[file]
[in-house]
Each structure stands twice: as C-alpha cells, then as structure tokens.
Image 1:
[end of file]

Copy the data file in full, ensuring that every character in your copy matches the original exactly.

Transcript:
[in-house]
Each structure stands twice: as C-alpha cells, then as structure tokens.
Image 1: